Well, I thought he was crazy.....until I just read my last book. "God's Double Agent, Bob Fu." Which is a chronicle of one man's religious persecution from the Communist Country of China, his escape, and his life-long mission to help other Christians in China.
My whole life I have heard about communism, about China....but really, the date is 2014. People could not possibly still be being tortured and murdered. After all, all I have ever known was America (some days freer than others) communism seemed so far away, dream-like. Never as bad as it was made out to be. Not for Wally. Wally tells his own story of escaping from Russia just after World War II. Burying his puppies alive, and children falling off the escaping truck. Perhaps.....to Wally, the Chinese way of life hit a little too close to home. Purging all things China felt right to him. After this book, it felt right to me.
Before you read this short story, I would like to ask you, where do your Christmas lights come from?
I…became aware of thirty-three-year-old Liu Xianzhi (her English name is Sarah Liu), who was one of four women declared innocent in the retrial verdict. However, she and the other women were sent to “reeducation through labor” camp, a fate worse than prison. They stripped her, used three electric shock batons on her simultaneously, torturing her on all parts of her body. When she cried out, they put the flesh-searing shock baton in her mouth. It burned her so mouth so bad that she couldn’t eat for several days. They also used this baton on her genitals, which caused so much pin that she eventually was sent to the hospital unconscious. The doctors and nurses asked her tortures, “How could you treat a girl like this?”
After Sarah was released from labor camp, we rescued her through an Underground Railroad system stretching from China through Southeast Asia. We arranged for local Christians to cover her with leaves in the back of a truck, where she stayed for hours, completely still. Then they drove that truck, with her in the back under the wet, heavy leaves, across the border to Burma. There, local people created fake identification for her, which identified her as a member of a minority tribal group. To make her appearance match that story, they fixed her hair, put makeup on her face, and sent her into an underground railroad of believers who were willing to risk their lives to save hers. Then after successfully navigating that maze, she swam across a river to make it into Thailand.
Still, she wasn’t free. Once she was in a remote area of Thailand, she was in more danger than ever. She needed to get to Bangkok, but the windy roads were dotted with police checkpoints. Without a passport, she’d certainly be sent back to China and put right back into jail. I sent a friend of mine from Hong Kong to help her. After exhausting every other option, they realized the only option was to go to the nearest airport and fly. Even though she didn’t have a passport or valid identification, they did just that. Miraculously, none of the airport officials asked her to show any identification.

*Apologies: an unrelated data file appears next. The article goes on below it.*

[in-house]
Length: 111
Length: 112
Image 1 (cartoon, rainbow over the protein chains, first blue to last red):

After Sarah had managed an escape worthy of a James Bond movie, she had yet to face the mountains of bureaucracy the United Nations would throw at her. They presented so much red tape that we wondered if she’d ever be allowed to leave. The US Ambassador-at-Large for International Religious Freedom, John Hanford, who was appointed by President Bush, personally took our phone calls, called the UN, and demanded they speed up the process to grant her refugee protection. Sarah got her approval within a month because of his direct and decisive intervention, and she finally arrived in America in 2005.
When she was safely in America, Sarah Liu and two other refugees form the South China Church all resettled in Midland (Texas). The Midland community helped provide support for their living expenses under ChinaAid. We invited them over to our home during the Christmas season. We watched as Sarah walked ever so slowly up our Christmas tree and stared at the lights twinkling on and off, absolutely mesmerized.
“Those are just decorations,” I explained. “They’re on a string.”
I pulled out a package and handed them to her, so she could see what they looked like before being draped over the tree.
She took the string of lights out of the package faster than I could blink, her hands untangling them like she was knitting a blanket. Within seconds, she had completely unwrapped and disassembled the lights. Then she looked up at me with the various parts I her hands.
“I assembled these in my labor camp for sixteen hours a day,” She explained. We made Christmas lights and put them in packages that look just like this one.”
She then reassembled them just as quickly. The whole process took only seconds.